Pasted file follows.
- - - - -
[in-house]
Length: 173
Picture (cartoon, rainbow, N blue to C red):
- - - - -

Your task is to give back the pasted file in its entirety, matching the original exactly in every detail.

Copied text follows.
[in-house]
Length: 173
Picture (cartoon, rainbow, N blue to C red):